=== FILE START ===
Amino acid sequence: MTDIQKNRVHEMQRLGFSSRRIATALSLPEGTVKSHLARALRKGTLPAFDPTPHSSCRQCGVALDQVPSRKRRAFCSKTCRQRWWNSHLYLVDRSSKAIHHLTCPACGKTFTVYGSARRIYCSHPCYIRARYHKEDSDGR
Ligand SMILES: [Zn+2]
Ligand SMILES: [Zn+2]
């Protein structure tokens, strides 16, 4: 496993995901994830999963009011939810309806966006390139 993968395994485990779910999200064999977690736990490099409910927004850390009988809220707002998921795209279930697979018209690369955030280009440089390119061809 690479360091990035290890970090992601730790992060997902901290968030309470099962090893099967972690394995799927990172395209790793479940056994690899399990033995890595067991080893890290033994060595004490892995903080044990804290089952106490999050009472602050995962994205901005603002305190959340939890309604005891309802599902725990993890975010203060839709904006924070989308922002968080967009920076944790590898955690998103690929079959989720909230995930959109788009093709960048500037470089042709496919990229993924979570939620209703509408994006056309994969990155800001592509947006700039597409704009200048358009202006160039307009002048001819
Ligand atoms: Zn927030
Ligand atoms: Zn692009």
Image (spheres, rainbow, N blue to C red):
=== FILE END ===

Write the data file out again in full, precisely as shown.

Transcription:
Amino acid sequence: MTDIQKNRVHEMQRLGFSSRRIATALSLPEGTVKSHLARALRKGTLPAFDPTPHSSCRQCGVALDQVPSRKRRAFCSKTCRQRWWNSHLYLVDRSSKAIHHLTCPACGKTFTVYGSARRIYCSHPCYIRARYHKEDSDGR
Ligand SMILES: [Zn+2]
Ligand SMILES: [Zn+2]
């Protein structure tokens, strides 16, 4: 496993995901994830999963009011939810309806966006390139 993968395994485990779910999200064999977690736990490099409910927004850390009988809220707002998921795209279930697979018209690369955030280009440089390119061809 690479360091990035290890970090992601730790992060997902901290968030309470099962090893099967972690394995799927990172395209790793479940056994690899399990033995890595067991080893890290033994060595004490892995903080044990804290089952106490999050009472602050995962994205901005603002305190959340939890309604005891309802599902725990993890975010203060839709904006924070989308922002968080967009920076944790590898955690998103690929079959989720909230995930959109788009093709960048500037470089042709496919990229993924979570939620209703509408994006056309994969990155800001592509947006700039597409704009200048358009202006160039307009002048001819
Ligand atoms: Zn927030
Ligand atoms: Zn692009």
Image (spheres, rainbow, N blue to C red):